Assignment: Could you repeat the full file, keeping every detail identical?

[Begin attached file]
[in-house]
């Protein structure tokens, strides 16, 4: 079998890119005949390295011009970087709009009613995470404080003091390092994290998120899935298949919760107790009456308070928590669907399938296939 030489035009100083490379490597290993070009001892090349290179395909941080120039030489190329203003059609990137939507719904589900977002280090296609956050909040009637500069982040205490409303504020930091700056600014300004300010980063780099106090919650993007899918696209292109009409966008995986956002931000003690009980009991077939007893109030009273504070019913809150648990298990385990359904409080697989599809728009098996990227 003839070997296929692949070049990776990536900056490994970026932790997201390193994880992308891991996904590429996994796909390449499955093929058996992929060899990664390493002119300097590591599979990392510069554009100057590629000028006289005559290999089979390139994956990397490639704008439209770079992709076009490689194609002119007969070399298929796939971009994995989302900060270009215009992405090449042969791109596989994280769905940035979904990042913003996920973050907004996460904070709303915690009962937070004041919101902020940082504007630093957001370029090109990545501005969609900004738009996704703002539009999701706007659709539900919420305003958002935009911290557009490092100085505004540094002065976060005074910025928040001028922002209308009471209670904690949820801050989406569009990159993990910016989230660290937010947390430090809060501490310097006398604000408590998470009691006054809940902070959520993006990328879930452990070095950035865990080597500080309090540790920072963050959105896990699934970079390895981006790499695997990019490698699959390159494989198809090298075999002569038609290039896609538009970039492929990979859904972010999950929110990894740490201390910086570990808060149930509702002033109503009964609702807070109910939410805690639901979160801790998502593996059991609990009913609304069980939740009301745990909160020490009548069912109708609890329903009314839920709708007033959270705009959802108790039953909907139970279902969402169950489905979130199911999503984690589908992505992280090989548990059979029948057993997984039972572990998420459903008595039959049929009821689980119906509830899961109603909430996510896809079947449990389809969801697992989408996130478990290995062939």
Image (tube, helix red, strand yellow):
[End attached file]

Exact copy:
[in-house]
């Protein structure tokens, strides 16, 4: 079998890119005949390295011009970087709009009613995470404080003091390092994290998120899935298949919760107790009456308070928590669907399938296939 030489035009100083490379490597290993070009001892090349290179395909941080120039030489190329203003059609990137939507719904589900977002280090296609956050909040009637500069982040205490409303504020930091700056600014300004300010980063780099106090919650993007899918696209292109009409966008995986956002931000003690009980009991077939007893109030009273504070019913809150648990298990385990359904409080697989599809728009098996990227 003839070997296929692949070049990776990536900056490994970026932790997201390193994880992308891991996904590429996994796909390449499955093929058996992929060899990664390493002119300097590591599979990392510069554009100057590629000028006289005559290999089979390139994956990397490639704008439209770079992709076009490689194609002119007969070399298929796939971009994995989302900060270009215009992405090449042969791109596989994280769905940035979904990042913003996920973050907004996460904070709303915690009962937070004041919101902020940082504007630093957001370029090109990545501005969609900004738009996704703002539009999701706007659709539900919420305003958002935009911290557009490092100085505004540094002065976060005074910025928040001028922002209308009471209670904690949820801050989406569009990159993990910016989230660290937010947390430090809060501490310097006398604000408590998470009691006054809940902070959520993006990328879930452990070095950035865990080597500080309090540790920072963050959105896990699934970079390895981006790499695997990019490698699959390159494989198809090298075999002569038609290039896609538009970039492929990979859904972010999950929110990894740490201390910086570990808060149930509702002033109503009964609702807070109910939410805690639901979160801790998502593996059991609990009913609304069980939740009301745990909160020490009548069912109708609890329903009314839920709708007033959270705009959802108790039953909907139970279902969402169950489905979130199911999503984690589908992505992280090989548990059979029948057993997984039972572990998420459903008595039959049929009821689980119906509830899961109603909430996510896809079947449990389809969801697992989408996130478990290995062939």
Image (tube, helix red, strand yellow):